These effects don’t seem to ever subside, either. In fact, nature relatedness and ecologically conscious behavior actually increased at the two-year mark. The cause of this phenomenon is suspected to be what’s known as a positive feedback effect, where the love of nature causes you to spend more time in nature, which makes you love and value it even further.
And all of this not only helps the planet. It makes you feel better, too!
Countless studies have demonstrated that time spent in nature can relieve stress and anxiety and lead to a better mental outlook!
Nature Is the Perfect Set and Setting
Since being in nature improves our mindset before and during a magic mushroom experience, nature can also be seen as a perfect answer to the ever-important pre-journeywork question of set and setting.
Combining magic mushrooms and nature not only has the potential to inspire you to reconnect to the planet. It can also serve as a catalyst to deepen your relationship with a nature-related healing practice like the ones mentioned above, helping you to sustain your well being over the long term when expensive therapy is not an option.
In the end, what we’re trying to shed light on is the fascinating potential of a positive feedback loop created in a relationship between you, magic mushrooms and nature.
We can sustainably grow mushrooms to improve our environment, consume them to improve our mental and physical well being and commune with them intentionally to connect more deeply to the planet, ourselves and others.
People with high amounts of nature relatedness have “reduced anxiety, greater perceived meaning in life, higher vitality, higher psychological functioning, greater happiness, and positivity.” It’s believed that our love for nature is even hard-wired into our psyches as a survival mechanism, outlined in the biophilia hypothesis, which describes the intrinsic draw nature has on all of us.
You don’t need to be out in nature for long to reap these rewards, either. As little as five minutes in nature has been shown to reduce stress and lower blood pressure.
Perhaps you thought this article was going to try and convince you to magic sacred mushrooms in nature. In fact, what we’re really recommending is to just go outside!
But there’s more here. Both magic mushrooms and nature decrease anxiety, offer enhanced meaning in life and general well-being, create mystical experiences and inspire awe.
Fractal patterns? A sense of feeling small? Magic mushrooms and nature communicate to us using a very similar language.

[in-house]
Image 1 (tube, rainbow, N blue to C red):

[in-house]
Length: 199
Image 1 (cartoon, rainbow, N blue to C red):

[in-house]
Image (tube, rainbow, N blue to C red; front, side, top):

As legendary psychedelic psychotherapist Stanislav Grof theorized, psychedelics are “non-specific amplifiers”, meaning they work by expanding whatever state one’s psyche is already experiencing. So when we understand the power of nature and the power of psychedelics on our well-being, a powerful synergy and connection become clear.
We could point to even more scientific studies. But oftentimes, looking to ancient, ancestral forms of knowledge is just as, if not more, illustrative and illuminating. To that end, let’s consider the shamanistic use of magic mushrooms around the world, which has always been rooted in nature.
Ritualistic use of magic mushrooms and other plant medicines by traditional cultures has long understood this formula. Shamans spent vast amounts of time in nature, developed complex relationships through plant and animal totems and then brought healing and teaching to their tribes.
Coincidence? We don’t think so.
Neither do many current practitioners, who are adopting these foundational approaches and trying to incorporate them into a psychedelic healing model that will work for the western world’s modern mind.
Retreat centers are utilizing biophilic design elements to create spaces that merge nature and shelter, like protected gardens combined with comfortable, natural lit, warm areas to be utilized as needed.
Practicing magic mushroom pre-journey preparation and post-journey integration work in nature, which increases mindfulness and openness to the psychedelic experience, shows promise as a powerful tool.
And helping people intentionally cultivate a relationship with nature — e.g. mushroom cultivation or horticulture therapy — as an integration practice can amplify and ground feelings of connection, helping to sustain the after-effects of a sacred mushroom journey.
In depression studies, impressive results are usually attributed to sustained therapeutic support. Empowering individuals to continue their healing through a connection to their environment is a practical, accessible way to become your own best therapist and friend.
This connection can then inspire us to improve our environment and create new, novel environments to heal ourselves and others. Restored habitats can help calm, connect and reopen closed off minds and hearts. These now open hearts and minds can then improve the environment further, creating more opportunities for others to have similar experiences and continue the feedback loop.
The cascading effects of such a loop are what inspire us so deeply!
To heal the health of the planet, we must first heal ourselves. Mushrooms aren’t the only answer but they’re definitely part of the solution and can work their magic quite quickly.
So, while conversations and research abound on how to collectively motivate and inspire the world and its peoples to save our planet — and humanity as a whole — very few possibilities seem to be actively pursued at this moment.
Maybe, for starters, we should try a collective cocktail of magic mushrooms and nature.